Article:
As Director of Buildings and Grounds for the Solanco School District, Bruce Bennett is a busy man.
In addition to overseeing construction projects and maintenance of district facilities, Bennett is also responsible for preparation and upkeep of Solanco High School's athletic fields.
He trusts a vast majority of that work to a crew of four part-time employees – Ron Altoff, Jimmy Ulrich, John Bishop, and Dennis Kreider.
Their duties consist of preparation of the fields and maintenance throughout the year.
Altoff and Bishop handle the layout and line the fields. Ulrich and Kreider take care of the mowing.
All told, the crew is charged with the 13 athletic fields, the 11 at the high school and a soccer field at both Bart-Colerain Elementary and Swift Middle. Solanco High's complex is comprised of 80 acres, nine of which is athletic fields.
Caring for the athletic fields is a year round task. Preparations for the fall season begin in July when the practice football field is lined for summer drills.
Work is underway on the field hockey, soccer, and football stadium fields. The cross country course is mowed consistently along with the rest of the school grounds.
The crew will inspect the tennis court for any cracks and make sure weeds do not sprout up during the course of the season.
Bennett estimates the crew spends a total of 1,000 hours working on the fields.
"The work keeps them busy especially with a year like this year," Bennett said. "In July and August the grass usually slows down and then all of a sudden, you get some rain."
The football and soccer fields are cut similarly, but field hockey field requires a little extra effort. Preferably, the grass is trimmed down to an inch. That can create another issue. Dew can cause fungus when grass is that short so if there is dew overnight, the crew must tend to the field before sunrise. They also check for any bumps on the playing surface.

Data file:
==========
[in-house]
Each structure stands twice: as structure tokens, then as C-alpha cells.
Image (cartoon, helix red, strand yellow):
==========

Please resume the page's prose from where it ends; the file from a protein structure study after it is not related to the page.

"It's all about safety for each of the sports," Bennett said.
The stadium field is subjected to extra wear and tear. In addition to damage done in the middle of the field between the hashmarks, the stadium also hosts other events including a few night soccer games.
"Our stadium, it gets beat up very hard," said Bennett. "That's why we put a lot of time in working on it. We're spreading grass seed throughout the year and while the season is going on. We're seeding it constantly, simply because it starts to get worn depending on how wet it is."
Bennett meets with the crew at least a couple mornings a week but doesn't need to micromanage. "That's their job and my guys are good guys," Bennett said. "They know what they can and can't do during school. They know they can't mow up against the school during the day so they do that after hours. They all know their job. They're very good guys."
Bennett works closely with Solanco athletic director Anthony Hall to handle any changes to the schedule.
"If they have a game that's not originally on the schedule or they want to have a practice at a certain time, they let Anthony know and he'll let us know," said Bennett. "We work it out. We have a great crew of coaches and athletics people. We all work together very well here at Solanco."
The crew is not needed during the winter season when all athletic events are held indoors, but there's work to do once the fall season ends.
"We put it to bed around November," Bennett said. "That's when we are aerating, over-seeding. We are putting compost on top of fields and let Mother Nature take her course over the wintertime. Mother Nature does a good job. Puts snow on it. That's all the moisture it needs. Then in springtime, the fields start growing good because of everything we did to it when we put it to bed."
Spraying weeds is the only part of field preparation and maintenance not done by the crew. Bennett is the only employee approved to use weed killer chemicals so for a variety of reasons it makes more sense to use an outside business.
"We do as much as we can in-house," Bennett said. "We want our fields looking their best."
Bennett started this line of work with Conewago Valley schools in 2004 and came to Solanco in March, 2013.
"We're very privileged here at Solanco to have what we have," Bennett said. "I know a lot of schools are limited with their fields. We're very lucky with what we have."